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Analysis: Russia to deploy tactical nuclear weapons in Belarus. When?



Russian President Vladimir Putin said on Saturday 25 March that Moscow would deploy tactical nuclear weapons on the territory of its ally, Belarus, a country located at the gates of the European Union.
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An alternate weapon to air-launched tactical nuclear missiles announced by Russian President Putin as to be deployed in Belarus: 9P78-1 TEL (Transporter, Erector and Launcher) of 9K720 Iskander-M SRBM system with 9M723K5 missile displayed at Armya 2016 defense forum near Kubinka. Iskander missiles can be armed with either a conventional or nuclear warhead (Picture source: Vitaly Kuzmin )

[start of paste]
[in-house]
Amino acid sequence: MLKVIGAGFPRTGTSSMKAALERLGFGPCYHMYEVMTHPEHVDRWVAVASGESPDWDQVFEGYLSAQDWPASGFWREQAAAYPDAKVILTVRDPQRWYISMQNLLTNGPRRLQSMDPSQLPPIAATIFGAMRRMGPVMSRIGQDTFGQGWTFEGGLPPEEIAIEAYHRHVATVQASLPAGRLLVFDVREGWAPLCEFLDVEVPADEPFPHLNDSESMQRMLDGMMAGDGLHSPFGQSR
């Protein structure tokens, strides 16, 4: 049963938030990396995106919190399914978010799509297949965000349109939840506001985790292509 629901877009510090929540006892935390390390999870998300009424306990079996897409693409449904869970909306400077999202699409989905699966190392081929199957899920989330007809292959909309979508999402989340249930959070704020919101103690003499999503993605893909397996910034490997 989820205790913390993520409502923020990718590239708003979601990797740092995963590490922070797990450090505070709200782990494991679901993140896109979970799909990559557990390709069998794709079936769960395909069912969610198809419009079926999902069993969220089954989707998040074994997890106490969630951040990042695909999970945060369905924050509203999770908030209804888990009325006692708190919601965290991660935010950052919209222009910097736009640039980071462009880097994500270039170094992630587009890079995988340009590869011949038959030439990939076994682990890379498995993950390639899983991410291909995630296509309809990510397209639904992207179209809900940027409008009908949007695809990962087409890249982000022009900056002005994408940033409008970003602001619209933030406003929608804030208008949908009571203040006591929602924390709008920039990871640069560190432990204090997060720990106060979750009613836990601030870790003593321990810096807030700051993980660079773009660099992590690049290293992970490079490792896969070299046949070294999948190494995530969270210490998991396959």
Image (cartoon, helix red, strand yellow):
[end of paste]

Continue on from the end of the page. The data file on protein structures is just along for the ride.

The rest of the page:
"There is nothing unusual here: the United States has been doing this for decades. It has been deploying its tactical nuclear weapons on the territory of its allies for a long time," Vladimir Putin said in an interview broadcast on a Russian television network. "We agreed to do the same," he added. "We have already helped our Belarusian colleagues and equipped their planes (...). Ten planes are ready to use this type of weapon", continued Putin. "From April 3, we shall start training the crews. And on July 1, we will complete the construction of a special warehouse for tactical nuclear weapons on the territory of Belarus," he added. Let us notice that such facilities in the nearby Kaliningrad have been under construction for seven years.

In fact, the United States does not have nuclear weapons deployed in a European or Asian country bordering Russia, the opposite of what Russia will do when (if?)  deploying its nukes in Belarus which borders Poland, Lithuania and Latvia, all EU and NATO countries.